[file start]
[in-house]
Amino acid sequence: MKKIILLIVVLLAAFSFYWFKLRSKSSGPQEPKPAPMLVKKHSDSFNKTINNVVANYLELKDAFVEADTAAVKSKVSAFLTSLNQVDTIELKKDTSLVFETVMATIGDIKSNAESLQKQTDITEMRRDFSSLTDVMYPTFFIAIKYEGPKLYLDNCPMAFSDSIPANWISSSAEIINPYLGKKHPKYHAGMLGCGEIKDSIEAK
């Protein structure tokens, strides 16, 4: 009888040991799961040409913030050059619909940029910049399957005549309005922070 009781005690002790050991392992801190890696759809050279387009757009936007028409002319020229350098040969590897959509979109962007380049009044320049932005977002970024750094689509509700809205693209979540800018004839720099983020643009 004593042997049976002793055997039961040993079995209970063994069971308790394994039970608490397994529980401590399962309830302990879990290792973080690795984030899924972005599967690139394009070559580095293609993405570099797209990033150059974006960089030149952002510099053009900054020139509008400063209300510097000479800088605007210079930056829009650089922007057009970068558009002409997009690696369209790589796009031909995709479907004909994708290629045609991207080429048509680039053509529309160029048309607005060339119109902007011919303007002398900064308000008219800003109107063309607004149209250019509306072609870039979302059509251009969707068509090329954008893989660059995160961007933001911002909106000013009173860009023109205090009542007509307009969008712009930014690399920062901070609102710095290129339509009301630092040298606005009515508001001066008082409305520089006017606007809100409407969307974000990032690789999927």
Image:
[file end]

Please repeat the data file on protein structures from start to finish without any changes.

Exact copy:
[in-house]
Amino acid sequence: MKKIILLIVVLLAAFSFYWFKLRSKSSGPQEPKPAPMLVKKHSDSFNKTINNVVANYLELKDAFVEADTAAVKSKVSAFLTSLNQVDTIELKKDTSLVFETVMATIGDIKSNAESLQKQTDITEMRRDFSSLTDVMYPTFFIAIKYEGPKLYLDNCPMAFSDSIPANWISSSAEIINPYLGKKHPKYHAGMLGCGEIKDSIEAK
């Protein structure tokens, strides 16, 4: 009888040991799961040409913030050059619909940029910049399957005549309005922070 009781005690002790050991392992801190890696759809050279387009757009936007028409002319020229350098040969590897959509979109962007380049009044320049932005977002970024750094689509509700809205693209979540800018004839720099983020643009 004593042997049976002793055997039961040993079995209970063994069971308790394994039970608490397994529980401590399962309830302990879990290792973080690795984030899924972005599967690139394009070559580095293609993405570099797209990033150059974006960089030149952002510099053009900054020139509008400063209300510097000479800088605007210079930056829009650089922007057009970068558009002409997009690696369209790589796009031909995709479907004909994708290629045609991207080429048509680039053509529309160029048309607005060339119109902007011919303007002398900064308000008219800003109107063309607004149209250019509306072609870039979302059509251009969707068509090329954008893989660059995160961007933001911002909106000013009173860009023109205090009542007509307009969008712009930014690399920062901070609102710095290129339509009301630092040298606005009515508001001066008082409305520089006017606007809100409407969307974000990032690789999927």
Image: